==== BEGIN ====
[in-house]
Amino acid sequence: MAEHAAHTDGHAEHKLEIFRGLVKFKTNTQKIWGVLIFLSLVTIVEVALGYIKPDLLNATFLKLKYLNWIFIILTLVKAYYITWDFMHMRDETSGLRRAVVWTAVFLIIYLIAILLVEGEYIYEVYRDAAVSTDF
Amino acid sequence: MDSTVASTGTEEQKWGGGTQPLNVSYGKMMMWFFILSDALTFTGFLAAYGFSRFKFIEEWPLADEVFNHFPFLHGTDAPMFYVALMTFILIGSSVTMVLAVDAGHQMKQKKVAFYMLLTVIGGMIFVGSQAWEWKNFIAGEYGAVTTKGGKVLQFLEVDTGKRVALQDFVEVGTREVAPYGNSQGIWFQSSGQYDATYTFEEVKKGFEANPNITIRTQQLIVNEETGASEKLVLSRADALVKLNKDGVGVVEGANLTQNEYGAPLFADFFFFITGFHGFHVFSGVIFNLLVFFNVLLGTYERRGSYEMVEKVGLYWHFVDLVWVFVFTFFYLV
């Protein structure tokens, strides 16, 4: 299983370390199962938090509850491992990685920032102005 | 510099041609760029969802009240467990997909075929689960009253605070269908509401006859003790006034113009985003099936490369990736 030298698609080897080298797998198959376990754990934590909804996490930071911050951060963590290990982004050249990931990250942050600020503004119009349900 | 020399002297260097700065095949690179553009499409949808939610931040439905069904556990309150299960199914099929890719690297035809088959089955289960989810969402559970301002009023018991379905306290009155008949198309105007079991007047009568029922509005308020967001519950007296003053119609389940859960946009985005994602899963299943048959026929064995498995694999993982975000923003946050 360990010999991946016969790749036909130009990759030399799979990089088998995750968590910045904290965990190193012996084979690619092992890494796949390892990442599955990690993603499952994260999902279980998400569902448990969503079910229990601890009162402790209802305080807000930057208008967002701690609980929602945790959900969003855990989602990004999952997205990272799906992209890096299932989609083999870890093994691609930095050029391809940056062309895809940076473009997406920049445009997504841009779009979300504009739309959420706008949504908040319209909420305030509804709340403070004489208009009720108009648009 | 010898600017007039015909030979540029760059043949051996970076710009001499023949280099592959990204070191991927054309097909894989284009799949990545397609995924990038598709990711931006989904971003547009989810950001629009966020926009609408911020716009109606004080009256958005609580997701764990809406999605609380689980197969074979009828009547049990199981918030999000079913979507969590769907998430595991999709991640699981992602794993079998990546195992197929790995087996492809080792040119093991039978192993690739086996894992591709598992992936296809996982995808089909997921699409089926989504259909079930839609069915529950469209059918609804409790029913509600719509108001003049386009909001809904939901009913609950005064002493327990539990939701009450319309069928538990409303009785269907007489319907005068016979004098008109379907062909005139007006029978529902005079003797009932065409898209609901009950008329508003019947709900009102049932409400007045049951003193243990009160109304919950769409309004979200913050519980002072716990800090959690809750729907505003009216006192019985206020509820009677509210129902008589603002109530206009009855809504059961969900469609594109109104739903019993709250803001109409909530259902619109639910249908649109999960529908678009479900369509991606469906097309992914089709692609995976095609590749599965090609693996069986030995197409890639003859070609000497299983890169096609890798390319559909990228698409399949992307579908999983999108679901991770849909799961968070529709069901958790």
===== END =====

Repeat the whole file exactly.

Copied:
[in-house]
Amino acid sequence: MAEHAAHTDGHAEHKLEIFRGLVKFKTNTQKIWGVLIFLSLVTIVEVALGYIKPDLLNATFLKLKYLNWIFIILTLVKAYYITWDFMHMRDETSGLRRAVVWTAVFLIIYLIAILLVEGEYIYEVYRDAAVSTDF
Amino acid sequence: MDSTVASTGTEEQKWGGGTQPLNVSYGKMMMWFFILSDALTFTGFLAAYGFSRFKFIEEWPLADEVFNHFPFLHGTDAPMFYVALMTFILIGSSVTMVLAVDAGHQMKQKKVAFYMLLTVIGGMIFVGSQAWEWKNFIAGEYGAVTTKGGKVLQFLEVDTGKRVALQDFVEVGTREVAPYGNSQGIWFQSSGQYDATYTFEEVKKGFEANPNITIRTQQLIVNEETGASEKLVLSRADALVKLNKDGVGVVEGANLTQNEYGAPLFADFFFFITGFHGFHVFSGVIFNLLVFFNVLLGTYERRGSYEMVEKVGLYWHFVDLVWVFVFTFFYLV
């Protein structure tokens, strides 16, 4: 299983370390199962938090509850491992990685920032102005 | 510099041609760029969802009240467990997909075929689960009253605070269908509401006859003790006034113009985003099936490369990736 030298698609080897080298797998198959376990754990934590909804996490930071911050951060963590290990982004050249990931990250942050600020503004119009349900 | 020399002297260097700065095949690179553009499409949808939610931040439905069904556990309150299960199914099929890719690297035809088959089955289960989810969402559970301002009023018991379905306290009155008949198309105007079991007047009568029922509005308020967001519950007296003053119609389940859960946009985005994602899963299943048959026929064995498995694999993982975000923003946050 360990010999991946016969790749036909130009990759030399799979990089088998995750968590910045904290965990190193012996084979690619092992890494796949390892990442599955990690993603499952994260999902279980998400569902448990969503079910229990601890009162402790209802305080807000930057208008967002701690609980929602945790959900969003855990989602990004999952997205990272799906992209890096299932989609083999870890093994691609930095050029391809940056062309895809940076473009997406920049445009997504841009779009979300504009739309959420706008949504908040319209909420305030509804709340403070004489208009009720108009648009 | 010898600017007039015909030979540029760059043949051996970076710009001499023949280099592959990204070191991927054309097909894989284009799949990545397609995924990038598709990711931006989904971003547009989810950001629009966020926009609408911020716009109606004080009256958005609580997701764990809406999605609380689980197969074979009828009547049990199981918030999000079913979507969590769907998430595991999709991640699981992602794993079998990546195992197929790995087996492809080792040119093991039978192993690739086996894992591709598992992936296809996982995808089909997921699409089926989504259909079930839609069915529950469209059918609804409790029913509600719509108001003049386009909001809904939901009913609950005064002493327990539990939701009450319309069928538990409303009785269907007489319907005068016979004098008109379907062909005139007006029978529902005079003797009932065409898209609901009950008329508003019947709900009102049932409400007045049951003193243990009160109304919950769409309004979200913050519980002072716990800090959690809750729907505003009216006192019985206020509820009677509210129902008589603002109530206009009855809504059961969900469609594109109104739903019993709250803001109409909530259902619109639910249908649109999960529908678009479900369509991606469906097309992914089709692609995976095609590749599965090609693996069986030995197409890639003859070609000497299983890169096609890798390319559909990228698409399949992307579908999983999108679901991770849909799961968070529709069901958790």